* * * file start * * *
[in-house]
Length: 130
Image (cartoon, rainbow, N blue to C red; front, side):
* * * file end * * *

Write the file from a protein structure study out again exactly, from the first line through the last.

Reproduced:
[in-house]
Length: 130
Image (cartoon, rainbow, N blue to C red; front, side):